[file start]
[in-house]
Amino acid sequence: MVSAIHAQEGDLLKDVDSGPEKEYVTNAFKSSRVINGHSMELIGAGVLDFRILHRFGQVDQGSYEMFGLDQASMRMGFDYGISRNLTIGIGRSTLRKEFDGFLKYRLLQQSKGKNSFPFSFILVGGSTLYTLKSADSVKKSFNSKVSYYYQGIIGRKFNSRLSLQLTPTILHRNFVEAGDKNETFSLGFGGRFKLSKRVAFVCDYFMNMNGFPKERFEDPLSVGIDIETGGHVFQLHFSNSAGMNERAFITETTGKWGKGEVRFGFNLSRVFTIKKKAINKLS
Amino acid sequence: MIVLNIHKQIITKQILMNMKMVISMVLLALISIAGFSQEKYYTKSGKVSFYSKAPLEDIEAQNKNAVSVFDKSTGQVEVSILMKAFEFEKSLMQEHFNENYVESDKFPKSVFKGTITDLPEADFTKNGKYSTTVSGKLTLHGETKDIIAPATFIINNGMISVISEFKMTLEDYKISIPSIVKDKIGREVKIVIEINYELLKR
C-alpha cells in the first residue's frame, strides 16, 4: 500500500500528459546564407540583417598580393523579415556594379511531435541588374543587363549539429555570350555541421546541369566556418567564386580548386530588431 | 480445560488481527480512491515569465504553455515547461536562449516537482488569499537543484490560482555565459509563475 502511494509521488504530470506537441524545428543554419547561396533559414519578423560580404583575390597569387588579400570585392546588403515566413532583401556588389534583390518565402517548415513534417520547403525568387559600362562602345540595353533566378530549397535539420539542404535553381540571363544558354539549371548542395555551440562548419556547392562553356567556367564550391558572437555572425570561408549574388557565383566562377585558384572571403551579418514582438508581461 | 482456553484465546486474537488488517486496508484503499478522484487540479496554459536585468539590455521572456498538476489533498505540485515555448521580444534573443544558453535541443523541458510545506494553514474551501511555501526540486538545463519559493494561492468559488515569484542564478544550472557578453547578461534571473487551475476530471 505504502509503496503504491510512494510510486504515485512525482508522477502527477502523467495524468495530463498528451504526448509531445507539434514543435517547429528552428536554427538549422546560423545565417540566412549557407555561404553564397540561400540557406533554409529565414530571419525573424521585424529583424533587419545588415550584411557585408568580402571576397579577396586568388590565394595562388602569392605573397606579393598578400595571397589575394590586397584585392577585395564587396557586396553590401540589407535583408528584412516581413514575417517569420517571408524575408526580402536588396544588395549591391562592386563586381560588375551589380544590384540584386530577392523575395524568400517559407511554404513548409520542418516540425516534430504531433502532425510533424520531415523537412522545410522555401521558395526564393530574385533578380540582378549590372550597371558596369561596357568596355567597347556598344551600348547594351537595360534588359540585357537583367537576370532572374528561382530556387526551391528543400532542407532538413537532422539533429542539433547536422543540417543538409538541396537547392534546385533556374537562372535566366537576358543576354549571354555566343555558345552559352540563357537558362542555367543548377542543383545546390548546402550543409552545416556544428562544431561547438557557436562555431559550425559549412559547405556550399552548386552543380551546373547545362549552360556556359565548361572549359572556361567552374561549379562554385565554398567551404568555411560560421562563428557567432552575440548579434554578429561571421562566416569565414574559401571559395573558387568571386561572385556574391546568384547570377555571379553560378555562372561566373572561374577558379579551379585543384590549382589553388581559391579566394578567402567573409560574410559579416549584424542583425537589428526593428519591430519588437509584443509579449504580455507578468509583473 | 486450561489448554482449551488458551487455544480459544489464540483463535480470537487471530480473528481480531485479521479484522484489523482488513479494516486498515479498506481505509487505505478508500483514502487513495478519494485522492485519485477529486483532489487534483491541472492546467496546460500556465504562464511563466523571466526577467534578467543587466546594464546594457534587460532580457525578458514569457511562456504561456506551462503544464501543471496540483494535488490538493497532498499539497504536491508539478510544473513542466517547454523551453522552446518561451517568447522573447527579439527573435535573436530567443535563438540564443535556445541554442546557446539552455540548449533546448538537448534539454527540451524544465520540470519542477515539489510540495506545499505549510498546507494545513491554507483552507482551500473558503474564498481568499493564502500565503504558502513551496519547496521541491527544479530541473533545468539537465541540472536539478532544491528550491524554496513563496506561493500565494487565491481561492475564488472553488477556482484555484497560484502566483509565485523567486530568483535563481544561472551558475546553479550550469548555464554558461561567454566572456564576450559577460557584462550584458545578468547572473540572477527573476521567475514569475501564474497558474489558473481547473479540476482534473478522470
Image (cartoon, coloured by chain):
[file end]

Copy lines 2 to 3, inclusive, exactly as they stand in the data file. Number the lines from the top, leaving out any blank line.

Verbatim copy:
Amino acid sequence: MVSAIHAQEGDLLKDVDSGPEKEYVTNAFKSSRVINGHSMELIGAGVLDFRILHRFGQVDQGSYEMFGLDQASMRMGFDYGISRNLTIGIGRSTLRKEFDGFLKYRLLQQSKGKNSFPFSFILVGGSTLYTLKSADSVKKSFNSKVSYYYQGIIGRKFNSRLSLQLTPTILHRNFVEAGDKNETFSLGFGGRFKLSKRVAFVCDYFMNMNGFPKERFEDPLSVGIDIETGGHVFQLHFSNSAGMNERAFITETTGKWGKGEVRFGFNLSRVFTIKKKAINKLS
Amino acid sequence: MIVLNIHKQIITKQILMNMKMVISMVLLALISIAGFSQEKYYTKSGKVSFYSKAPLEDIEAQNKNAVSVFDKSTGQVEVSILMKAFEFEKSLMQEHFNENYVESDKFPKSVFKGTITDLPEADFTKNGKYSTTVSGKLTLHGETKDIIAPATFIINNGMISVISEFKMTLEDYKISIPSIVKDKIGREVKIVIEINYELLKR